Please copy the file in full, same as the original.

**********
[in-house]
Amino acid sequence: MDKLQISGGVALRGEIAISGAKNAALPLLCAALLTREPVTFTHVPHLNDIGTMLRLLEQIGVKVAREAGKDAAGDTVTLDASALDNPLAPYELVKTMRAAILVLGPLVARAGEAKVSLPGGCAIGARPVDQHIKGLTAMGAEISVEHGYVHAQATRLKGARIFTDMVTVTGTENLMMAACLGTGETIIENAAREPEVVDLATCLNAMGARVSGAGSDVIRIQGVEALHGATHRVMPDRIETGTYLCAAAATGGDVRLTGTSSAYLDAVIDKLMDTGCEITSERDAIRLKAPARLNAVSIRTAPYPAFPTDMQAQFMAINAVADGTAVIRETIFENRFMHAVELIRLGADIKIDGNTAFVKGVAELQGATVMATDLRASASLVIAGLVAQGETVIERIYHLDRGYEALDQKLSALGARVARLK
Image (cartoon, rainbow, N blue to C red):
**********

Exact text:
[in-house]
Amino acid sequence: MDKLQISGGVALRGEIAISGAKNAALPLLCAALLTREPVTFTHVPHLNDIGTMLRLLEQIGVKVAREAGKDAAGDTVTLDASALDNPLAPYELVKTMRAAILVLGPLVARAGEAKVSLPGGCAIGARPVDQHIKGLTAMGAEISVEHGYVHAQATRLKGARIFTDMVTVTGTENLMMAACLGTGETIIENAAREPEVVDLATCLNAMGARVSGAGSDVIRIQGVEALHGATHRVMPDRIETGTYLCAAAATGGDVRLTGTSSAYLDAVIDKLMDTGCEITSERDAIRLKAPARLNAVSIRTAPYPAFPTDMQAQFMAINAVADGTAVIRETIFENRFMHAVELIRLGADIKIDGNTAFVKGVAELQGATVMATDLRASASLVIAGLVAQGETVIERIYHLDRGYEALDQKLSALGARVARLK
Image (cartoon, rainbow, N blue to C red):